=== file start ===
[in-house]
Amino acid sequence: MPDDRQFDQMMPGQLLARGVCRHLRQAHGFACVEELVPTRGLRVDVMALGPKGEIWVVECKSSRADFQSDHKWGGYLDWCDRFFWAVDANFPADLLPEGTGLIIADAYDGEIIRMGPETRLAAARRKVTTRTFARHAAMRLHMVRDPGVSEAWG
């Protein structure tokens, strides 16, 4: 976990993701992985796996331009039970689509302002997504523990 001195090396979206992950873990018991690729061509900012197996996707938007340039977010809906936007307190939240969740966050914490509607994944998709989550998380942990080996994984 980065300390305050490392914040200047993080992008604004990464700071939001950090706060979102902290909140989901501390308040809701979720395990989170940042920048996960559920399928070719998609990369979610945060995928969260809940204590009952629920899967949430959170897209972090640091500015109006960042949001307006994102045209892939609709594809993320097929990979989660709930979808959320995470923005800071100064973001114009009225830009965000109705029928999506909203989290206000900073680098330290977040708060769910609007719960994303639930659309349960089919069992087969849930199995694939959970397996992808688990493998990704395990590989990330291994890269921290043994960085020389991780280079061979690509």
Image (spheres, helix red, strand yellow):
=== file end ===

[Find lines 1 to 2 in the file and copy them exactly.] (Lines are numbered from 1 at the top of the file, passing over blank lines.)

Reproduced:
[in-house]
Amino acid sequence: MPDDRQFDQMMPGQLLARGVCRHLRQAHGFACVEELVPTRGLRVDVMALGPKGEIWVVECKSSRADFQSDHKWGGYLDWCDRFFWAVDANFPADLLPEGTGLIIADAYDGEIIRMGPETRLAAARRKVTTRTFARHAAMRLHMVRDPGVSEAWG